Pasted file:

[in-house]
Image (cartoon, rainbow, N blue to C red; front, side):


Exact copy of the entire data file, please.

[in-house]
Image (cartoon, rainbow, N blue to C red; front, side):